Pivot program propelling ‘returning citizens' from behind bars and into the working world

It's graduation day for students of a special program run by Georgetown University.

The program helps young men and women transitioning from prison or jail back into the working world.

The "Pivot Program's" inaugural graduation event is the culmination of a year-long initiative.

Jermaine Dory of College Park served six months in jail for providing erroneous information on an application for a Federal grant to get a graduate degree at the University of Maryland.

Now he's aspiring to be an entrepreneurial future – possibly in IT.

"I do potentially plan to go into my own business... doing like IT support... staffing and things of that nature," he said.

Kadija Clifton hopes a new life beyond bars will propel her idea for healthy foods in the District's poorer neighborhoods.

"I decided to create a business called Cloud 9 Eats which brings healthier food alternatives to underserved areas in DC," Clifton said.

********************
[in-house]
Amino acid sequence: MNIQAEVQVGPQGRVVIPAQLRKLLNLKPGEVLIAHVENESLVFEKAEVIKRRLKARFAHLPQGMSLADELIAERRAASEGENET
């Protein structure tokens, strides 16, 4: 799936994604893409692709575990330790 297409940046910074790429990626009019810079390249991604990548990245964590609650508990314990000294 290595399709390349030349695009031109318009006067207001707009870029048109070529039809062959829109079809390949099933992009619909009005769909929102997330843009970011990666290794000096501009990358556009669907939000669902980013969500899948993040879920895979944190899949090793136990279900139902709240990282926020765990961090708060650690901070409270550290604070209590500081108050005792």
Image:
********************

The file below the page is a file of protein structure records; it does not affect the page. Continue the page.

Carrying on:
Pivot seeks to change society's perception of ex-cons to start thinking of them as "returning citizens."

Clifton and Dory are two of the first class' 15 graduates.

"The beautiful thing about this program is it takes ideas and gives you opportunity," Clifton said.

"It allows us to have the opportunity to regain what we had before going in and changing the narratives of being incarcerated. That we can be productive members in society and that we do have a purpose in life and that we can succeed," Dory said.

Clifton spent three years in prison for a street crime she committed when she was a teenager.

"I like to think that that was a breaking point in my life cause I was just really misguided. So now I really like to talk to youth. I have a podcast out now where we actually highlight programs that surround re-entry and how important they are," she said.

Pivot is one of a number of programs run by Georgetown University for students and non-students alike in an off-campus communal workspace not far from the White House.

"We've really come a long way with changing the stigma of what a returning citizen even is, and so I just really want to keep pushing that mission forward and being a representation of that," Clifton said.

The business school is already interviewing prospective students for next year's Pivot glass. The program starts again in the fall.